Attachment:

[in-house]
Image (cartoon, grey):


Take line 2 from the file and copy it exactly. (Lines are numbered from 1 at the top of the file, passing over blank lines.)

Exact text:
Image (cartoon, grey):